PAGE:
St. Paul’s sponsors Lenten lunches
Published 8:15 pm Friday, March 3, 2017
Eating a bowl of soup and listening to guest pastors speak at St. Paul’s Episcopal Church has become a long-time tradition for many in Selma.
That tradition will continue this coming Wednesday, March 8 when the church starts its annual Lenten Soup and Speakers Series.
“It’s something St. Paul’s has done for a long time, and it’s a staple of our ministry, and it has become an outreach,” said the Rev. Jack Alvey, rector at St. Paul’s. “We eat soup as sort of a way to observe the simplicity of Lent. Soup is a modest meal, so that is sort of the reason behind the soup.”
The five-week lunch and lecture series will be held every Wednesday at noon until April 5.
Lent is a religious observance that starts on Ash Wednesday, which was March 1, and lasts until Easter Sunday.
“A lot of times when you think of Lent you associate it with fasting and repentance, and you sort of get this idea that it’s a very dark season, which it can be, but Lent is not a self-improvement project,” Alvey said. “Lent is about the one who died for you so that you may rise to new life. And that rising to new life is all about what it means to grow in grace.”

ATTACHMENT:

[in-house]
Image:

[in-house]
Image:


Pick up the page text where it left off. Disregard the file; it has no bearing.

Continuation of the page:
And that’s what this year’s theme of the series is, growing in grace.
Each week will feature a different speaker and a different soup. The first speaker will be the Rev. Otis Dion Culliver, pastor of historic Tabernacle Baptist Church in Selma.
“The speakers are typically other clergy or Episcopal priests, but this year we will welcome Dion Culliver, who is pastor at Tabernacle Baptist,” Alvey said. “He’s a good friend of mine and colleague over the years, so we’re excited to have him to sort of kick us off.”
The Rev. Michael Rich, rector of St. Andrew’s Episcopal Church in Birmingham will speak on March 15, the Rev. Thomas Joyner, campus chaplain of Trinity Commons Birmingham Episcopal Campus Ministries will speak March 22, the Rev. Ed Bacon who previously served at All Saints’ in Pasadena, California, will speak March 29 and the Rev. Mary Bea Sullivan, associate rector for pastoral care at St. Luke’s Episcopal Church in Birmingham will finish off the series on April 5.
“I’m excited about it because it gives the people at St. Paul’s a different voice to hear, a different voice that proclaims the same gospel but sort of in a different way that I can’t always do,” he said. “That’s nice for me to be able to have other preachers come in to help them grow spiritually.”
The series is free and Alvey anyone that is interested is welcome to attend.